So much of the messaging is saying, “Oh, and by the way, you ought to remember to protect the vulnerable—we ask people to remember to do that.” We are equal citizens. We have equal rights. We are active. The word “vulnerable” always conveys a sense of people who are passive, helpless and needy, but we are only like that because protections have been removed. We are not demanding lockdown. As soon as you start saying this, you get the response, “You are just telling us all to go back into lockdown.” No—the point is that we are telling people to do things so that nobody has to do that.

Jim Fairlie

That comfortably leads me on to where I wanted to go. I will give my general sense from today’s evidence session. Right at the start of the pandemic, everybody got behind the Covid response—we all understood it, everybody was at risk and the message was simple. We started to change it, because things were moving and evolving. The message became more complicated, and it became more difficult to have that one-size-fits-all approach, so we tried to fragment it. Then we came into the later stages, where we got competing voices. The hospitality industry wanted things opened up. People wanted flights opened up. They wanted life to go back to normal and get their businesses moving. In among all that, people had fatigue and wanted to move on. However you, the clinically vulnerable—sorry; I am trying to get the right phrasing—

Dr Witcher

It is the highest risk.

Jim Fairlie

Yes. The highest-risk people are stuck. Is there a need for the general public to get a better understanding, through public health messaging and improving people’s literacy and understanding of what we are trying to achieve, so that nobody has the feeling that everybody else has moved on but they are still in the same place?

Dr Witcher

I think that the big challenge is to communicate that, actually, we are all after the same thing. None of us is arguing for everybody locking down. It is not about some people having freedom or not. It is very much about making the business case.

You talked about the hospitality industry and the travel sector and hotels and so on wanting to open up. Of course they do, but the point now is that there are ways that they could do that and communicate that they are following good practice—they can install air filtration, for example—particularly if it was underlined with some legal back-up. As I started talking about at the beginning of the session, there could be a safety signage scheme of some kind that would communicate to people what has been done on Covid safety, so it is safe for them to go somewhere—or much safer—because measures are in place.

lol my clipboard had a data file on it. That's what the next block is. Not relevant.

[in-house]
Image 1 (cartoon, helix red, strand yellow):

People in general go to restaurants expecting certain standards to be in place and for that to be inspected. There is a business case for that, because people will not go into places where they do not feel safe. It is the same with travel—if you do not feel safe, you are not going to travel.

11:00  

That is the frustration. We are being positioned as if it is either this or that—there is this little group over here who are basically getting in the way of everybody getting on with their lives. Actually, that is not the case, because the sorts of things that we are asking for, which will be incredibly important to us, and without which there will be an incredible impact on us, are of much wider benefit. If you put in air filters, that will remove all kinds of viruses, as well as allergens and pollution. The general health benefit will be widespread. Maybe that is how to protect the NHS. It is about rethinking this fundamentally and trying to get out of the either/or mindset that we have got into, because that is really not where we are now.

Of course people have personal choice, and I completely respect that, except where their personal choice causes direct harm to others. Again, there are plenty of analogies out there, such as seat belts and so on. People are not told not to drive; they are told that they need to pass a driving test, wear seat belts and do certain things on the road.

As Murdo Fraser said, you are being heard loud and clear.

The Convener

I think that all members would agree that the meeting has been really insightful and informative. I thank all the witnesses for their evidence and for giving us their time. If you would like to raise any further evidence with the committee, you can do so in writing; the clerks will be happy to liaise with you about how to do that.

At our next meeting, which will be on 30 June, we will take evidence from the Minister for Public Health, Women’s Health and Sport on the inquiry into Covid-19 and the communication of public health information. We will also consider a negative instrument.

That concludes the public part of the meeting.

11:02 Meeting continued in private until 11:11.  


Air ais

Attendance